What are your thoughts on boys and natural hair? Do you have any books or resources you enjoy? Please share them in the comments section below! 

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7 Comments

  1. Patrice

    September 22, 2015

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    I take Dallas to the barbershop once every 4-6 weeks. When his hair grows out too long, brushing/picking gets painful and traumatic for the both of us. He doesn’t have the kind of hair that’s gonna curl and drop into ringlets with a little bit of leave-in. When his hair grew longish during his “frohawk” stage, regular washing, moisturizing and picking was a must. Dallas has eczema and keeping his scalp properly moisturized is a struggle. I’ve endured a few side-eyes from new barbers when they get to his scalp and its shedding monster flakes. I tried coconut oil and it was a no go because he didn’t like the smell. After a few hours, I guess the natural oils activate and along with our daily moisture regime “stay sof’fro” and Qhemet Biologics hydrate and twist butter, the flakes go away, not to return until the next hair cut. So barbering isn’t always the easiest route either, especially if they have razor and skin sensitivity issues.

      • Catherine

        August 20, 2016

        Post a Reply

        I am caring for my nephew. He has a very tight curl to his hair. It grows pretty well but it does not look like it. I try to moisturize and comb regularly but he just doesn’t want to take the time. He likes it really short during the summer but asks about a fro during the winter and I just can’t figure out what to do to give it that soft round look as it grows out, is there anything not chemically that could soften the texture of his hair? Would more moisture and picking work? He is a little jealous of his mixed cousins hair.

  2. DvaMommy

    September 25, 2015

    Post a Reply

    This is a great question and an issue I feel so strongly about. My little guy is 2.5 and his hair has grown out pretty full. I am natural as well. I do not plan to cut his hair unless he asks and will encourage him to wear it full and afrolicious. I did not cut, or have plans to, his hair early because I wanted him to have a fully developed hairline and have read that cutting too early impacts future hair receding and growth. I personally use the same tips and tricks that is shared via the blogs and you tube for girls. I just modify it for my boy. One of my favorite sites is chocolate hair, vanilla care. I also really like boys with braids, on facebook, since this is geared towards boys. The same basic principles apply when it comes to caring for and maintaining afro textured hair, such as proper detangling and moisturizing. Now finding products I like to use on a boy has been challenging but not too difficult. I enjoy the Africa Sleeps, Shea Moisture (hair milk), Cara B, and Talijah Wajiid for kids brands. Other good ones are My Honey Child and Bee Mine. We have a routine of shampooing or co washing (using conditioner to cleanse the hair and scalp), sometimes deep conditioning, detangling and then stretching (braiding hair while wet to elongate it), and then either twisting or cornrowing it. We do this every couple of weeks. Lots of good snacks some of his favorite cartoons (which we don’t typically watch) and we are set. There may be some trial and error but with the right products maintaining a boy’s natural hair is no different than a girls or your own, if you really want to do it and do it well. Good luck!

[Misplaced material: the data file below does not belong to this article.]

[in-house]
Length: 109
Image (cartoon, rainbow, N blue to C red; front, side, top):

3. DvaMommy

    September 25, 2015

    Post a Reply

    I forgot to add Oyin for the product brands. They are a must! We have used them with excellent results as well.

  4. MD

    March 10, 2017

    Post a Reply

    Thank you, thank you, thank you for this post! My 10yo is embracing the afro look and refuses a haircut and/or braids. I’m all about the SheaMoisture products bc they work on my frizzy/wavy hair as well. Would you rec washing in AM rather than PM to avoid bedhead overnight?
    Also, going to check out Taye’s book, looks cute. Thanks again!